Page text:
The US State Department is denying visas to senior members of Israeli security forces whose work is connected to Israeli control of the West Bank, Israel’s Channel 10 reported Tuesday night, citing “pro-Israel sources” on Capitol Hill.
The State Department effort to identify officers and commanders from the IDF, Shin Bet, Mossad, and other organizations with a West Bank role stems from a fear that these individuals may have played a part in violating Palestinians’ human rights, the report said.
The US administration did not confirm the report. The State Department did say last week that Israel’s discrimination against visiting Arab Americans is the primary reason it is not eligible for a program allowing Israeli tourists in to the United States without visas.
“The Department of Homeland Security and State remain concerned with the unequal treatment that Palestinian Americans and other Americans of Middle Eastern origin experience at Israel’s border and checkpoints, and reciprocity is the most basic condition of the Visa Waiver Program,” Jen Psaki, the State Department spokeswoman, said March 21 in her daily briefing with reporters.
The State Department warns Americans of Arab descent that they may be delayed or even turned back when arriving at Israeli points of entry.
Israel says its rate of refusal of entry for Arab Americans is not disproportionate and notes that under the Oslo agreements with the Palestinians, foreigners of Palestinian descent undergo a different entry protocol.
There have been a number of efforts in Congress over the years to exempt Israel from visa waiver rules; the most recent is currently stalled in the Senate.
Psaki’s remarks came after several weeks in which a number of lawmakers, led by Sen. Chuck Schumer (D-NY), have criticized US consular services for their rate of refusal of young Israelis.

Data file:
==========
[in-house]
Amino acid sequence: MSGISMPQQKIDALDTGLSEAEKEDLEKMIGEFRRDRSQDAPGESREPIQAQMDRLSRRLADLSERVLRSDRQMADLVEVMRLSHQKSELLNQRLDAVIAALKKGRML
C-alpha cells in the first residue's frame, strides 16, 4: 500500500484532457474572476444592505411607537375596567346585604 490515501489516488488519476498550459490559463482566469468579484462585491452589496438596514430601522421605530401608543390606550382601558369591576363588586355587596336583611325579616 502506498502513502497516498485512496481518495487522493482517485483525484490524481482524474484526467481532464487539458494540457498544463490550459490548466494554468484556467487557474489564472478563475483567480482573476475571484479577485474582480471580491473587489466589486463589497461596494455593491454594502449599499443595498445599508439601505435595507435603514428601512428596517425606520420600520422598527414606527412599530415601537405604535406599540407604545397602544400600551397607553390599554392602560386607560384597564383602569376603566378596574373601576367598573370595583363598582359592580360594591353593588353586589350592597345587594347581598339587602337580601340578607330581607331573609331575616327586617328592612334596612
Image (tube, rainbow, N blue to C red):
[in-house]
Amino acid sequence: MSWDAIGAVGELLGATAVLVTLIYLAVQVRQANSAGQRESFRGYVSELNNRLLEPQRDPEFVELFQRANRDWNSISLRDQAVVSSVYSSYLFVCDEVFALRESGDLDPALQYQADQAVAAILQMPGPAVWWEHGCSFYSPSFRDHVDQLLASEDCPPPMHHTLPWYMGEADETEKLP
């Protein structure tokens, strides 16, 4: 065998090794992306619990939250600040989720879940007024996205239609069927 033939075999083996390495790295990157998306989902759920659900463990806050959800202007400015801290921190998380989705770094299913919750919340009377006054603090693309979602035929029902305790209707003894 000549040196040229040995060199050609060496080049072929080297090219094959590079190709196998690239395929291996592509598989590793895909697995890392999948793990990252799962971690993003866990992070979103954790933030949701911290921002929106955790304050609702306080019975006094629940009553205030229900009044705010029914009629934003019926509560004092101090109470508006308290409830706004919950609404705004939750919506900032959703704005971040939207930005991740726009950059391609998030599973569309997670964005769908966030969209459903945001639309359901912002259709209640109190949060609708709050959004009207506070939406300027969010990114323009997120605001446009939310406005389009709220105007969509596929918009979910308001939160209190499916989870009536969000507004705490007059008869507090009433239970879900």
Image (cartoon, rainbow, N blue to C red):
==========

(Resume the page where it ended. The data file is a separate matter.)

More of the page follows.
The required maximum rate of refusal of entry for entering the US visa waiver program is 3 percent; last year, Israel’s was at 9.7 percent, up from 5.4 percent the year before.
Israel’s rate of refusal for visas is low relative to many other countries, and rates of refusal for other US allies also spiked last year, but there is evidence that Israel’s number is climbing because consular officials are wary of young Israeli travelers illegally peddling Dead Sea wares on US trips.
In addition to Schumer, other lawmakers who have pressed the State Department to explain the spike in the rate of refusal include Sens. Dianne Feinstein (D-Calif.) and Lindsey Graham (R-SC), and Reps. Grace Meng (D-NY), Ted Deutch (D-Fla.), Brad Schneider (D-Ill.), Anna Eshoo (D-Calif.) and Eliot Engel (D-NY), the ranking Democrat on the US House of Representatives Foreign Affairs Committee.
On Friday, Rep. Nita Lowey (D-NY), the ranking Democrat on the House Appropriations Committee, told reporters she had spoken with Dan Shapiro, the US ambassador to Israel, about the issue.
Psaki in her briefing said the rate of refusal for young Israelis was not disproportionate.
“Over 90 percent of Israeli applicants for tourist visas to the United States are approved. For young Israelis, over 80 percent of visa applicants are approved for a visa,” she said.